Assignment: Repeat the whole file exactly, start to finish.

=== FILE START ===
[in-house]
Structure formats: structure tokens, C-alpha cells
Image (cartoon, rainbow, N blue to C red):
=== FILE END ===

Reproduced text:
[in-house]
Structure formats: structure tokens, C-alpha cells
Image (cartoon, rainbow, N blue to C red):